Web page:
DSC_0271 copyDocumentary filmmakers must be ever vigilant lest their movies get kidnapped by their subjects. It’s not a question of whether the filmmaker and the subjects don’t have similar goals; they might or might not. But even the most naturally empathetic documentary director has to ward off the seductive charms of a subject who implicitly offers to exchange access in exchange for uniformity of perspective. Complicating the matter, some subjects don’t want what is conventionally regarded as sympathy. They might want the audience to fear them or even be repulsed by them. It’s the games people play.

Wild Man Blues, Barbara Kopple’s 1997 post-facto promo of a Woody Allen musical tour, is a case in point. Although Kopple had proven her ability to look at her subjects with two eyes – one admiring, one skeptical – in American Dream (1990), she got all dewy-eyed over Allen and sympatico with his apologists. The movie was a vessel for Allen’s narcissism.

With The Act of Killing, filmmaker Joshua Oppenheimer pulls a double-dare on his subjects, Indonesian gangsters and militia members who led death squads in the mid-1960s. He offers to turn the movie over to them, to make the movie they’d like to see made about themselves. He provides some historical background, includes present-day documentary footage, but mostly shows the retired mass murderers plotting, rehearsing, and staging their feature film.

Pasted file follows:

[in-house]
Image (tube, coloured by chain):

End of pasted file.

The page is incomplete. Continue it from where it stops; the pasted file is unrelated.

As cut, The Act of Killing focuses on Anwar Congo who, before 1965, was a scalper and low-ranking gangster of vague description. Then the Indonesian government, led by President Sukarno, was overthrown in a U.S.-backed military coup led by General Suharto. The coup leaders used private militias and criminal gangs to carry out a massive number of massacres, ultimately leading to the death of well over a million civilians, including men, women, children, infants and the elderly. The aim of the coup was to eliminate communist influence within the government; the aim of the massacres was to kill all the communists, with the term broadly defined to include anyone with liberal leanings, union affiliation, or a teacher’s credential, and their families. An entire village could be wiped out just by an unproven allegation of communist “sympathies.” In the United States, the press coverage played down the massacres, instead praising the new rulers for keeping the Indonesian domino from falling.

A film noir reenactment scene from Drafthouse Film's documentary, The Act Of KillingAnwar Congo led a death squad and according to someone in the film meaning to praise him, personally killed a thousand people. Congo doesn’t propose a personal death count of his own, but he does demonstrate a strangulation technique he personally developed to speed up his kill rate.

There are other killers in the movie, including an old gangster buddy of Anwar’s and the head of a still-popular militia. The culture at large has done more than protect these people; it has lauded them. In one brain-blowing sequence, Anwar appears on a local TV talk show where the smiling young host talks about his murders as if they were the recipes of the week.